On Sunday I had two hours at Redwood. I put flowers on my friend Wanda's grave and played Danny Boy for her a couple of times. I also put flowers and a flag on the grave of A2C Melbourne G Black, Korean War veteran who died in November 1980. Nobody from his family seems to live here, because his grave is always unadorned. Because he fought in Korea, where RoseE is, and because he is apparently abandoned, I adopted him. Every year I put something on his grave, and play him a tune or two. This year I played "Going Home" which seemed appropriate at the time. Dave asked me if I knew anything about him, but I've told you all I know. I wonder where I could find out more? Maybe I could get in touch with his family (if he has any left), or play a more appropriate tune. I still haven't learned the Air Force tune, but Taps would work for any military.
If you don't want to read a 'he said, she said' recounting, skip to the line of **** and there will be a quick summary and you'll be spared the details.
We had two performances on Monday, one at Redwood and one at Mountain View. As we were tuning up for our first gig, the PM asked if anybody had any solos they could do. Dave volunteered his" Loch Caber No More" (which sounds like "la caber no more", an ode to not throwing telephone poles around in the future) and I said I could play my slow air. This was received with a nod. My reed has been squeaking like a scared mouse, so I didn't think I would actually be taken up on my offer. But I put it out there anyway, to give the good players a break if they wanted.
Then I got a new reed, a much harder reed, but I'm a blowhard anyway, which you already know if you read this blog at all. This new reed doesn't squeak at all! I was very happy. The PM said he wanted to hear how my new reed sounded before having me play a solo for a performance. OK, that made perfect sense. I said I would try not to cry if I didn't get to do my solo (joking, of course. By this time I was pretty tired and my lip was swollen and my arm was sore, so not playing would be fine, too.) Solos by me in the past have not been the best experiences for anybody.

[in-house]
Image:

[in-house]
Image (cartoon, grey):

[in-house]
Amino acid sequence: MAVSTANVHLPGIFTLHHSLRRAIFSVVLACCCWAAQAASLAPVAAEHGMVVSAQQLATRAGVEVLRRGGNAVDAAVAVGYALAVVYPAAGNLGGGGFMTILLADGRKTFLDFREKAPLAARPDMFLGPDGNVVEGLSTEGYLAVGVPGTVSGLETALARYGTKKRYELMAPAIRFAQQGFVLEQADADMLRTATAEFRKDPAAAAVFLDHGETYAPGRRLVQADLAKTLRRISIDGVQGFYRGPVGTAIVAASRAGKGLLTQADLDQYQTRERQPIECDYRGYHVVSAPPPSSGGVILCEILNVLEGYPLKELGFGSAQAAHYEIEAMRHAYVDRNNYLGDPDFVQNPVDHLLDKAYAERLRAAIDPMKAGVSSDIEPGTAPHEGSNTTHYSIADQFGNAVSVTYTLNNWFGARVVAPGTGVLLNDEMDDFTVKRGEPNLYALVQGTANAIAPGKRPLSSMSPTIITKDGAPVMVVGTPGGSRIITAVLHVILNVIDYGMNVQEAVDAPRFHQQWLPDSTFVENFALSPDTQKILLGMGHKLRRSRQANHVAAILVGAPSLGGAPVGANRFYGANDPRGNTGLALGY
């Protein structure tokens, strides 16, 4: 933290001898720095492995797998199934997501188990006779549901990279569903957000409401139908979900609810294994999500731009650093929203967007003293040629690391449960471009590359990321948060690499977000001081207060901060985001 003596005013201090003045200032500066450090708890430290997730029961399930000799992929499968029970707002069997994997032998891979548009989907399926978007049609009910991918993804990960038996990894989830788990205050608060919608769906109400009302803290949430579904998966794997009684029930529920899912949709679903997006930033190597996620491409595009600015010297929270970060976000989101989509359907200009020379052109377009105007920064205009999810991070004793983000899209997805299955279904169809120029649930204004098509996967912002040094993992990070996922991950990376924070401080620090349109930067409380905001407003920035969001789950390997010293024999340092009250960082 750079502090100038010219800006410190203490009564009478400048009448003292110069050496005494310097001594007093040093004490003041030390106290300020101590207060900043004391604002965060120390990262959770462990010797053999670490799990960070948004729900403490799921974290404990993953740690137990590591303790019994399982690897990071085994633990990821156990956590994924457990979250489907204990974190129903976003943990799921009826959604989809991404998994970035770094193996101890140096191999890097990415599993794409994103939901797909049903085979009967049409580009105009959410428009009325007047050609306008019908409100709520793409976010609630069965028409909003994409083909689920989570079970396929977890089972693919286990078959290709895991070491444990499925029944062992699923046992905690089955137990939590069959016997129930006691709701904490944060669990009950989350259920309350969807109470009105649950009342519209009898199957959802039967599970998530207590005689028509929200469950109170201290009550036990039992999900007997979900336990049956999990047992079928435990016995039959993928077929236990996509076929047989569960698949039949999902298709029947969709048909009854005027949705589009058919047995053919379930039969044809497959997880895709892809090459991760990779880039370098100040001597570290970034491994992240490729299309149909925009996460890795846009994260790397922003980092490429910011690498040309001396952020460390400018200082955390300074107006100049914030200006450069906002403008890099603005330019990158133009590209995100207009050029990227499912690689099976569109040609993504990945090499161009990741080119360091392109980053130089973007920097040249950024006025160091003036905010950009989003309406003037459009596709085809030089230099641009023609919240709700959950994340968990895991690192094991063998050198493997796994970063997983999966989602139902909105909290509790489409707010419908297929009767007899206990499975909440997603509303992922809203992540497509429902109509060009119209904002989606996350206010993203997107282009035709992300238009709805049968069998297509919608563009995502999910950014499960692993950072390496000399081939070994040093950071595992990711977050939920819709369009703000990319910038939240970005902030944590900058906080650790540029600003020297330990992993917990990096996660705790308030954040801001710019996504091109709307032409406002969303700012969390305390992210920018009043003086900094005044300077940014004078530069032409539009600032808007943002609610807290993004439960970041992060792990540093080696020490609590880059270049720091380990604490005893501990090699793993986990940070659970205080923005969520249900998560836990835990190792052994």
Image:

Dave got to do his solo for the performance at Redwood, and he did it beautifully. I did not play with the timed medley small group. The performance went very well, then we all skeedaddled up to Mountain View cemetery for the 2nd gig which we thought was going to be at noon. But it wasn't. It was at 12:30. We had looooots of tune-up time, and we had to wait for the cemetery personnel to move the chairs and music stands from the symphony band before us. We stood around and told jokes and played tunes totally inappropriate for Memorial Day in a cemetery. By the time we marched in, it was nearly 12:45. This performance went well, too. After about 4 numbers, Jason nodded to me and Jack announced me and my tune. (Fair Maid of Barra) I remembered it all, and did not mess up anything. Should have put longer pauses between the sections of the tune, but I'll work on that for competition. Afterwards the PM came up to tune one of my notes that had gone flat because the tape had slipped and I asked him if I had overblown the tune (my most recent issue; it makes all the notes sharp). He said that I had not; all my notes were flat.
I can't win for losing, I tell ya!
So, my solo at the second gig was nearly flawless, and I got lots of compliments.
I played my last half hour at 5pm. Nobody asked me to play Happy Birthday this year. Mostly it was Danny Boy. I don't mind.
Then the family went to the ball game and the home team probably lost. We had to leave early to get the kids to bed on time.
Today it is raining, and the ceiling is leaking again.